Samuel Smith - Historic Marker

This Tennessee Historic Marker is located on U. S. 170, Hickory Valley Road in Union County.

When doing genealogical research you never know just what you are going to find. Sometime ago when working on the Hubbs article, I came across a “prize find.” In 1999, when researching and publishing Union County Schoolday Memories, I did not find a smidgen of information about Samuel Smith and did not include that school in Schoolday Memories. This, of course, doesn’t mean there was nothing there–it just means at the time I didn’t find it! However, in the Hubbs file I found a picture of Josiah Smith (son of Josiah Smith and Nancy Stonley Condray Smith) and Almeda Hubbs Smith! Samuel Smith was a slave who belonged to Harbert Smith of Alabama and was willed to the elder Josiah Smith by his father. It seems that the younger Josiah Smith married Almeda Hubbs. Josiah and Almeda are buried in Hickory Valley on what was the Fate Buckner place. There are just the two graves marked, and the cemetery is now called Josiah Smith Cemetery. Josiah and Nancy may very well have been buried there; but, if so, there are no stones. Now, the Josiah pictured here did not inherit Samuel Smith–rather his brothers, James and John, shared jointly his services. Samuel Smith was born about 1819 and died July 21,1887. We do not know his date of birth–only that he was 68 years old at the time of his death. I knew that in order for the Tennessee Historical Commission to approve a marker there had to be some documentation, but I had not been able to obtain it. Perseverance does pays off. I contacted the Tennessee Historical Commission, and this is the documentation for the Historical Marker:

The Will of Josiah Smith, dated April 19, 1838, recorded at Rutledge, Grainger County, Tennessee, contained the statement “. . . one slave Sam and others to be divided between my two sons, James and John Smith.. . .”

The Will of Harbert Smith of Jackson County, Alabama, relinquishes at the death of Harbert Smith, one negro boy named Sam to Josiah Smith.

Oral community history revealed that Samuel Smith was a blacksmith and likely had his shop on property he purchased from Tabitha Sharp for $35 on February 22, 1868.

A deed dated October 28, 1868 from Christopher C. Selvidge and William G. Selvidge mentions, “old school house.”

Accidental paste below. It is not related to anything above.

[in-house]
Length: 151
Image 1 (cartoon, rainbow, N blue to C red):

Samuel Smith purchased 20 acres from Peter Sharp on February 6, 1874 and on February 18, 1879 he purchased four acres south of the grave yard on Jesse Butcher’s line for $30 . . . from Richard Lee Tharpe. This is the plot of land on which Samuel Smith was buried.

Oral history of Mrs. Daw (Bessie) Buckner of the Pinhook community and Mr. Clayton Irick revealed information about the exact location of the school and stories about Samuel Smith being a blacksmith. These discussions took place about 1980.

Pathways, Vol. 6, No. 2, page 44, 1986, “Blacks in Union County.” Pathways is a quarterly publication of Union County Historical Society.

Union County Quarterly Court Minutes, January 1883, M. T. Colvin, Superintendent of Schools in Union County , referred to a “colored population of 36 males and 26 females of which 26 scholars were on the rolls and one colored male teacher.”

Cedar Grove Baptist Church Minutes third Saturday in July 1880 lists Sam Smith as a member. Also the minutes of April 19, 1856 lists, among others, Josiah and Sam Smith as members of the Church at Liberty in good standing. A number of members are listed, “and are set apart to be constituted a church at a school house near John A. Smiths in the Hickory Valley. . . .” From this set of minutes it would appear that there had previously been a school at this location. If anyone can enlighten me about the earlier school, please do.

Marker 1 D 22 Samuel Smith

Following the Civil War, Samuel Smith, an ex-slave and blacksmith, purchased 110 acres of Union County land. In the 1880s, he established near this site, the only school and church for Blacks in Union County. Smith died on July 21, 1887 and was buried on his own property, which later became part of Butcher Cemetery.

Picture caption:
Josiah Smith (1826 - 1906) and Almeda Hubbs Smith (1828 - 1914)

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